If you or an aging loved-one are considering Elderly Care in Brownsburg, IN, please call the caring staff at Home Services Unlimited. Serving Greater Indianapolis Area. Call for Immediate Info & Assistance: (317) 471-0760

Source:

https://www.rodalesorganiclife.com/

Etelka Froymovich, RN, MHA

Owner & Founder at Home Services Unlimited
Etelka Froymovich founded Home Services Unlimited in 1997
As a practicing Registered Nurse, Etelka was keenly aware of a void in quality patient care that could be provided in the home. She embarked upon a journey to develop a home health care agency that would exceed all expectations and become a trusted partner to physicians and patients.

A Distinguished Career From Nurse to Director of Nursing to President of Home Services Unlimited

Etelka’s distinguished career followed a logical progression to her position as President of Home Services Unlimited. She graduated as a nurse practitioner with a Bachelor of Nursing (RN) in 1972 from Meshgorya University in the Ukraine, close to where she lived with her family. She married her husband Phil in 1973 and decided in 1977 that they would relocate to the United States to be closer to family and to come to this land of opportunity. With an eagerness to continue her budding career, Etelka sat for and passed her Boards in the U.S. in 1979.

A Love and Talent for Working with the Elderly

Etelka began her nursing career in the U.S. at Colonial Crest, now part of Golden Living, where she was the In-service Coordinator, the Director of Training and Education and Director of Nursing, a position she occupied for several years.

With a group of partners, she co-founded Adept Corporation, which operated group homes for the mentally challenged. The business was successful and in 1996, Etelka sold her share to return to her roots, caring for the elderly.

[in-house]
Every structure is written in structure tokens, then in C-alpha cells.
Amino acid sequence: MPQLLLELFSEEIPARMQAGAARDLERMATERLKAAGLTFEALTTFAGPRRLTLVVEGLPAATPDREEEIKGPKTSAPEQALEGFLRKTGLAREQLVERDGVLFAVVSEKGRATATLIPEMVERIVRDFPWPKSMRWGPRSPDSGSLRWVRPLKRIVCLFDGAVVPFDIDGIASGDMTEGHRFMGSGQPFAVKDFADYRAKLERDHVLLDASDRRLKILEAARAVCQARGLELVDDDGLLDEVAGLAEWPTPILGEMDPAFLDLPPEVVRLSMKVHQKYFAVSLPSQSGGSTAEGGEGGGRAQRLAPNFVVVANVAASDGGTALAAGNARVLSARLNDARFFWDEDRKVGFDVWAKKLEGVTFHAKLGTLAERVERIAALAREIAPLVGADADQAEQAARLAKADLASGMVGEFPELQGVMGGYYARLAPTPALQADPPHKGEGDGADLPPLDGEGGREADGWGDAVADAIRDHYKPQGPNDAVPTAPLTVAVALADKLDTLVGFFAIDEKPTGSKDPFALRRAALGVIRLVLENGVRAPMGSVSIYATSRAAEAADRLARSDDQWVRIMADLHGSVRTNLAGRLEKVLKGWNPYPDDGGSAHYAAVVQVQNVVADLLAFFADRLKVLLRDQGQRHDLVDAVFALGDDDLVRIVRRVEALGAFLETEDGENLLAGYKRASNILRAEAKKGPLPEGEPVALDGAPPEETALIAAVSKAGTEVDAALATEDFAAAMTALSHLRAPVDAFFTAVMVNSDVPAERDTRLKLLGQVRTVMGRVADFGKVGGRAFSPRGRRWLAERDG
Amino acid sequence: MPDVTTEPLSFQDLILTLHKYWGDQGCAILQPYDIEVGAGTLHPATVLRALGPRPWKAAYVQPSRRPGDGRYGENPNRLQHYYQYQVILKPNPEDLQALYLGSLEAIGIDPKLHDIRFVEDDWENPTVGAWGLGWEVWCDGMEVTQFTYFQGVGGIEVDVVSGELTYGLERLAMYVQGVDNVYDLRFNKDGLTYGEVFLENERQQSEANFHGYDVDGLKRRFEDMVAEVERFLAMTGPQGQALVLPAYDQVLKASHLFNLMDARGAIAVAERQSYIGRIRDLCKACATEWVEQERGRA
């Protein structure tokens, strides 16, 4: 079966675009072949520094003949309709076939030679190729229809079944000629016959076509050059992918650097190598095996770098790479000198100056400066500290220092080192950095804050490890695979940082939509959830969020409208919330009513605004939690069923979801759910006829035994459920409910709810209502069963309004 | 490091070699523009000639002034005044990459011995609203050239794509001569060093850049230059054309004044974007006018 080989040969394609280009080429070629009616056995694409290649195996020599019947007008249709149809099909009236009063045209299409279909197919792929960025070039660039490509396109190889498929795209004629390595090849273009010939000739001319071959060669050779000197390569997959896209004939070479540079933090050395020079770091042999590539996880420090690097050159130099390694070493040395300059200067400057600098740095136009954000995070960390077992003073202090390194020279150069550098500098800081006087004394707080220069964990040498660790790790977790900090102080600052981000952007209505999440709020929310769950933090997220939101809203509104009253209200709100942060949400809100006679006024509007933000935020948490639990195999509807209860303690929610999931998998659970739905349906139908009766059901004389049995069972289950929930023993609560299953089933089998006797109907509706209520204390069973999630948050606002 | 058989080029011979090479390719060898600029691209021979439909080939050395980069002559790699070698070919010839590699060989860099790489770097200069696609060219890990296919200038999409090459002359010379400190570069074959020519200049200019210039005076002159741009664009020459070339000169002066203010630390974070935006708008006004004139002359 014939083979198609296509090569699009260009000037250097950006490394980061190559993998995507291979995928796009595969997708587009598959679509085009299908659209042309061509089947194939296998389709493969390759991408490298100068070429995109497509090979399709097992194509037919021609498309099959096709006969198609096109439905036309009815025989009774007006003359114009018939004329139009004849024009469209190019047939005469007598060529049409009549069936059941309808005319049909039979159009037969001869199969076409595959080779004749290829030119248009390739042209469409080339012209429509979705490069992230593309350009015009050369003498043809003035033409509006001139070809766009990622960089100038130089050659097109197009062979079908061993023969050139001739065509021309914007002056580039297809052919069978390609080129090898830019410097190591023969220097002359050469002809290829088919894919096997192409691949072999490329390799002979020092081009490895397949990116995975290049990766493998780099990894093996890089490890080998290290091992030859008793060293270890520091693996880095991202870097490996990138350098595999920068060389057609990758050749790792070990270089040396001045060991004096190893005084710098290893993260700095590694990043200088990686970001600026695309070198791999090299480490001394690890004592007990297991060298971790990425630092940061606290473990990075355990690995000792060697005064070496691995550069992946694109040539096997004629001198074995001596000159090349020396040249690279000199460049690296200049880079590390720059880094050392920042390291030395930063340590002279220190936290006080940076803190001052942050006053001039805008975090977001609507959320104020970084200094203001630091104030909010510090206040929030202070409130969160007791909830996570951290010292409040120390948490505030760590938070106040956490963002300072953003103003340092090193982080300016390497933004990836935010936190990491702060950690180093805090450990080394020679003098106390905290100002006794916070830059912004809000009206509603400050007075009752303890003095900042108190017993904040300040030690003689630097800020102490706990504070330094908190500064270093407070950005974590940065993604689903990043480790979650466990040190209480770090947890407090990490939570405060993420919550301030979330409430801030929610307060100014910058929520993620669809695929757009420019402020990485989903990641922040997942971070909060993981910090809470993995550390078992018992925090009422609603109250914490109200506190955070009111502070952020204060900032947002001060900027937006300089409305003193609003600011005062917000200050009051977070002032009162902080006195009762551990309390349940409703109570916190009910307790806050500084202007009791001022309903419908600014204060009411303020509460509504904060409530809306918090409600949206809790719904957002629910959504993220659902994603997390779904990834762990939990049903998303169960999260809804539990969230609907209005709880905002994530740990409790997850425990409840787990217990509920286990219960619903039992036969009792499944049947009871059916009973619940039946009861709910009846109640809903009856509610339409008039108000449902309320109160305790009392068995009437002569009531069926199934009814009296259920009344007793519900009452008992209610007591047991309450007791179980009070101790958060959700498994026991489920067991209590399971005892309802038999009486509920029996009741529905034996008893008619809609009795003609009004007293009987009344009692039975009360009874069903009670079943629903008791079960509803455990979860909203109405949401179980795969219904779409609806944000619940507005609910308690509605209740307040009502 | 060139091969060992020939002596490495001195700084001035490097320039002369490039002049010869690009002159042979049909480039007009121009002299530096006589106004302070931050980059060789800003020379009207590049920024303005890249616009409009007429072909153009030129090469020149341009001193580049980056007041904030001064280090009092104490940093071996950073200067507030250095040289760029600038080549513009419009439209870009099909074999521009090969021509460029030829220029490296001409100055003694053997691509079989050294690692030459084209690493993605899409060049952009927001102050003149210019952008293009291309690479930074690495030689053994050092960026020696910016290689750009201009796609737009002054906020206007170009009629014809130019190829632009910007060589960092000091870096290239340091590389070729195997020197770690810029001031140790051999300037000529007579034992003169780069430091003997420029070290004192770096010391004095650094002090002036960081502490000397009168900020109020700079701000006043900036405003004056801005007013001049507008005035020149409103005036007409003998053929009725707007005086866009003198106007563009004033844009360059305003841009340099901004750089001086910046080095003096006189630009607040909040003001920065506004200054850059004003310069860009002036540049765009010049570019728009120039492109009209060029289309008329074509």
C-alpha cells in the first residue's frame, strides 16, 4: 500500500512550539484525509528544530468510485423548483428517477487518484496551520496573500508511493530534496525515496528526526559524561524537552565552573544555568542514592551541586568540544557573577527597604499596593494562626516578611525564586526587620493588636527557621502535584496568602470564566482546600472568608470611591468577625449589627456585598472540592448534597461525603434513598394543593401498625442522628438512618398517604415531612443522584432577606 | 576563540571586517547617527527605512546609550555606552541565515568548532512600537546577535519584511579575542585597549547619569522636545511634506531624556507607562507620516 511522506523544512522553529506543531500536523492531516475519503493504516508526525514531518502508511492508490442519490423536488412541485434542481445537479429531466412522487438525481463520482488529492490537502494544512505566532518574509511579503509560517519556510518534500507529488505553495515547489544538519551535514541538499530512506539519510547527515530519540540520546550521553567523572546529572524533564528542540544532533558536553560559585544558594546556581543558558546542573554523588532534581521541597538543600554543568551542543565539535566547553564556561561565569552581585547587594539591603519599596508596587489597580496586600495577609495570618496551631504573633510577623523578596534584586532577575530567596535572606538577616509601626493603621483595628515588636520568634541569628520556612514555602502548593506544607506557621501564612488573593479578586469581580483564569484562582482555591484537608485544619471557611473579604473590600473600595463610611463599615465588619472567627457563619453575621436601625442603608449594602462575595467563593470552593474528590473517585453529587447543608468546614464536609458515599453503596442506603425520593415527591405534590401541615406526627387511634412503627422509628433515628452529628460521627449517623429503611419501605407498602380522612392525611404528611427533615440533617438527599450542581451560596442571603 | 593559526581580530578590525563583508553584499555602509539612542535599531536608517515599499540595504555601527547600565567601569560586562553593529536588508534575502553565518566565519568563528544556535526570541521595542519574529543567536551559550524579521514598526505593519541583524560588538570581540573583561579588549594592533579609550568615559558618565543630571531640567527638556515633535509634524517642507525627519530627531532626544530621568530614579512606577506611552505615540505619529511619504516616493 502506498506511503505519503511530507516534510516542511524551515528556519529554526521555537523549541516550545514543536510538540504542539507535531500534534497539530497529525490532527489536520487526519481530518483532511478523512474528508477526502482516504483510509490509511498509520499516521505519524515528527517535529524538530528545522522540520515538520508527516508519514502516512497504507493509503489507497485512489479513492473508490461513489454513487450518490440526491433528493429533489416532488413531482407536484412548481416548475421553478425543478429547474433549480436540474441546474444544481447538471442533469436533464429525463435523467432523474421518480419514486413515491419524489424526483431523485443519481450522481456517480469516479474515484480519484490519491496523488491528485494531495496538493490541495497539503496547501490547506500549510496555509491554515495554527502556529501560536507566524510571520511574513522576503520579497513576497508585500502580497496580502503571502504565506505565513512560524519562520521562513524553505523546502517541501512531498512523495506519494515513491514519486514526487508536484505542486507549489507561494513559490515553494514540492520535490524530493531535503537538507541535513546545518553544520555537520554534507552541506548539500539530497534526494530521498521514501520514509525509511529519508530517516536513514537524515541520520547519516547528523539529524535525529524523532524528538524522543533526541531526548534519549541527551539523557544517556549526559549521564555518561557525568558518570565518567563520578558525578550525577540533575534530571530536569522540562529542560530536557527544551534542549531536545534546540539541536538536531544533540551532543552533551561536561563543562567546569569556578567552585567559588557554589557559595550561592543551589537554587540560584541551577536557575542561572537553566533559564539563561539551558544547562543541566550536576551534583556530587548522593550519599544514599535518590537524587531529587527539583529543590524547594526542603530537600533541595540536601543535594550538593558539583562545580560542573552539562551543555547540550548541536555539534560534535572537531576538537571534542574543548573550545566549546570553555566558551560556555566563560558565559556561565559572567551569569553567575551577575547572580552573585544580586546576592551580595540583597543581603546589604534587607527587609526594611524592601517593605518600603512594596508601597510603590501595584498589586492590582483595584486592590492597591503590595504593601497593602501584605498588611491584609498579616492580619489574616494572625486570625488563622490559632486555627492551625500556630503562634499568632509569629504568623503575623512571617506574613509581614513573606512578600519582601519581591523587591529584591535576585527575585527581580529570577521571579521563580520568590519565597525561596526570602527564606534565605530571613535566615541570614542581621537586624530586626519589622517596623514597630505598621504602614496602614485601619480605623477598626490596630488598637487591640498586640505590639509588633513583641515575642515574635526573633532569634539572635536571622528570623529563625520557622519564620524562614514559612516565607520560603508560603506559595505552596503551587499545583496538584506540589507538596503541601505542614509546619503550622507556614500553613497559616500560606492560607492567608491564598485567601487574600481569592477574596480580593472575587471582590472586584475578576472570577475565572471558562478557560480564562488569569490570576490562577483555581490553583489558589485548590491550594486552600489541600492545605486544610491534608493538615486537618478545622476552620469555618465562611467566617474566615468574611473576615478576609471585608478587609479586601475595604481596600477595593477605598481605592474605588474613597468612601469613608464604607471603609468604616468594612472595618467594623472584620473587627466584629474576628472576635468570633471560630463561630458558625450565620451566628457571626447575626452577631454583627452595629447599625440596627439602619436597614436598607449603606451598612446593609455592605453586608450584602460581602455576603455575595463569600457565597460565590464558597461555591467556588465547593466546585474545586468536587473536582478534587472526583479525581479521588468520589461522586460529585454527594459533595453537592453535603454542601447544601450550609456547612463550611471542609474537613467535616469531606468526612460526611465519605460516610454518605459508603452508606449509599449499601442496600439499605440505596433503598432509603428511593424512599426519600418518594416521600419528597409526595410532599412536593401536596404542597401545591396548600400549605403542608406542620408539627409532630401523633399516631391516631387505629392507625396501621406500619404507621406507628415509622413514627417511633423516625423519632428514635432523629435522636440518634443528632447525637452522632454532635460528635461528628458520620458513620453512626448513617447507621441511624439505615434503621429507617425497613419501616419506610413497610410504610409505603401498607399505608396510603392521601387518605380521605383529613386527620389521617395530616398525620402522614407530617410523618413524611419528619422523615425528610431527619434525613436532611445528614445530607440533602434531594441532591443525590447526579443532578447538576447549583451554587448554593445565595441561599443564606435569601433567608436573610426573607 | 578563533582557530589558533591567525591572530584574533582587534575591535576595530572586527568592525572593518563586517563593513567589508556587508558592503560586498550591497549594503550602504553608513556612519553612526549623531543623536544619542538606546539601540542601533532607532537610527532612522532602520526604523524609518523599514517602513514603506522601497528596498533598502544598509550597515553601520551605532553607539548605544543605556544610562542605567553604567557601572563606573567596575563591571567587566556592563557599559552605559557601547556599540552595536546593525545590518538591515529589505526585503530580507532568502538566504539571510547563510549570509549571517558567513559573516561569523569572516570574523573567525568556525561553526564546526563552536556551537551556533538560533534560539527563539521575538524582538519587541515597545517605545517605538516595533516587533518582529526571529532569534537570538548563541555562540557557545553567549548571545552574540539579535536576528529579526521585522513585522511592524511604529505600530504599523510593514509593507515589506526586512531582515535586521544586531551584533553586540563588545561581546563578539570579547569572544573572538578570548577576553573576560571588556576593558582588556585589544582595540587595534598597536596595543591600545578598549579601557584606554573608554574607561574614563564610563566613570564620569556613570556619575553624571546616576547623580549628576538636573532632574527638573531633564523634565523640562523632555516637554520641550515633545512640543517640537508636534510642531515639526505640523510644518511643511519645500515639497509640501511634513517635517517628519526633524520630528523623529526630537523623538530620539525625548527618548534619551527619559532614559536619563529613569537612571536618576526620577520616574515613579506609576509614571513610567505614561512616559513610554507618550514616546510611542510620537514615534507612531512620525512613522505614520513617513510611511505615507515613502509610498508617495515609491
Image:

In January of 1997, Etelka opened Home Services Unlimited as a fully licensed business to provide home health care. In her quest to learn to do better for her patients, she had already obtained a Masters in Healthcare Administration (MHA) in May of 1990 from the College of St. Francis. As President of Home Services Unlimited, Inc., Etelka guides the trusted, experienced care model Home Services Unlimited uses to continue providing excellent home health care.

Giving Back to the Community of Indianapolis

Volunteering for community services is a high priority for Etelka. Her memberships include the Indiana Association of Rehabilitation Facilities, Executive Women in Health Care and the Indiana Association for Home and Hospice Care, where she is a member of the Board of Directors.

Etelka has also served on the Board of Directors with Hooverwood Home, a highly regarded geriatric facility, since 1997 and as the President for 2005-2006. Through her community work, she has received several awards and accolades, including the Nora McFarland award in 2002, from the Indiana Association of Home and Hospice Care.